Concerns are growing among investors that US stocks have started hitting excessive valuations after the sustained bull run, and could take a hit when the Federal Reserve starts raising rates.
Bonzon argues that investors should continue to favour US companies due to the effect of the rising dollar on global capital flows.
“Since the beginning of the decade, we have highlighted a rising dollar as one of the main structural trends,” he said. “Identifying a bullish or bearish regime for the dollar is crucial because it radically influences the hierarchy of asset class returns and hence their allocation. The dollar’s rise directly affects the balance sheets of those private and public entities that are exposed to dollar-related refinancing costs.”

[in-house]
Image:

“The most susceptible are high-yield US borrowers and emerging countries in deficit,” he continued. The hierarchy of markets should therefore favour US assets that benefit from the return of capital to America, at the expense of international markets, and especially emerging countries in which the adjustment to the changing trend of the dollar will be persistent and difficult.”
“We continue to favour developed equities, especially US and Japan. Emerging equities will continue their underperformance while long-term interest rates will remain low,” Bonzon added. “In this context, the search for yield will continue in the markets for shares and securitised real estate. The commodities sector and some emerging countries will also create interesting opportunities in distressed debt strategies.”